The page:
The same mechanism is used to terminate the workers. Instead of finding a new batch of jobs, the poor workers will wakeup to find an order to terminate.

the master waiting for a picture completion will be awoken by the worker that will finish processing the last job. This will be based on an atomic counter of the number of jobs to process.

This is how I implemented it:

class synchro {
    friend class mandelbrot_calculator;

    mutex              lock;    // queue lock
    condition_variable work;    // blocks workers waiting for jobs/termination
    condition_variable done;    // blocks master waiting for completion
    int                pending; // number of jobs in the queue
    atomic_int         active;  // number of unprocessed jobs
    bool               kill;    // poison pill for workers termination

    void synchro (void)
    {
        pending = 0;  // no job in queue
        kill = false; // workers shall live (for now :) )
    }

    int worker_start(void)
    {
        unique_lock<mutex> waiter(lock);
        while (!pending && !kill) work.wait(waiter);
        return kill 
            ? -1         // worker should die
            : --pending; // index of the job to process
    }

    void worker_done(void)
    {
        if (!--active) // atomic decrement (exclusive with other workers)
            done.notify_one(); // last job processed: wakeup master
    }

    void master_start(int jobs)
    {
        unique_lock<mutex> waiter(lock);
        pending = active = jobs;
        work.notify_all(); // wakeup all workers to start jobs
    }

    void master_done(void)
    {
        unique_lock<mutex> waiter(lock);
        while (active) done.wait(waiter); // wait for workers to finish
    }

    void master_kill(void)
    {
        kill = true;
        work.notify_all(); // wakeup all workers (to die)
    }
};

Putting all together:

class mandelbrot_calculator {
    int      num_cores;
    int      num_jobs;
    vector<thread> workers; // worker threads
    vector<job> jobs;      // job queue
    synchro sync;          // synchronization helper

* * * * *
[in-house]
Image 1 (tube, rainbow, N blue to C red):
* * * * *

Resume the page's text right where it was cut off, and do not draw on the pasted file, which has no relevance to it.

mandelbrot_calculator (int num_cores, int num_jobs)
        : num_cores(num_cores)
        , num_jobs (num_jobs )
    {
        // worker thread
        auto worker = [&]()
        {
            for (;;)
            {
                int job = sync.worker_start(); // fetch next job

                if (job == -1) return; // poison pill
                process (jobs[job]);   // we have exclusive access to this job

                sync.worker_done();    // signal end of picture to the master
            }
        };

        jobs.resize(num_jobs, job()); // computation windows
        workers.resize(num_cores);
        for (int i = 0; i != num_cores; i++)
            workers[i] = thread(worker, i, i%num_cores);
    }

    ~mandelbrot_calculator()
    {
        // kill the workers
        sync.master_kill();
        for (thread& worker : workers) worker.join();
    }

    void compute(const viewport & vp)
    {
        // prepare worker data
        function<void(int, int)> butterfly_jobs;
        butterfly_jobs = [&](int min, int max) 
            // computes job windows in butterfly order
            {
                if (min > max) return;
                jobs[min].setup(vp, max, num_jobs);

                if (min == max) return;
                jobs[max].setup(vp, min, num_jobs);

                int mid = (min + max) / 2;
                butterfly_jobs(min + 1, mid    );
                butterfly_jobs(mid + 1, max - 1);
            };
        butterfly_jobs(0, num_jobs - 1);

        // launch workers
        sync.master_start(num_jobs);

        // wait for completion
        sync.master_done();
    }
};

Testing the concept

This code works pretty well on my 2 cores / 4 CPUs Intel I3 @ 3.1 GHz, compiled with Microsoft Dev Studio 2013.

I use a bit of the set that has an average of 90 iterations / pixel, on a window of 1280x1024 pixels.

The computation time is about 1.700s with only one worker and drops to 0.480s with 4 workers.
The maximal possible gain would be a factor 4. I get a factor 3.5. Not too bad.

I assume the difference is partly due to the processor architecture (the I3 has only two "real" cores).

Tampering with the scheduler

My program forces the threads to run on one core each (using MSDN SetThreadAffinityMask).
If the scheduler is left free to allocate the tasks, the gain factor drops from 3,5 to 3,2.

This is significant, but still the Win7 scheduler does a pretty good job when left alone.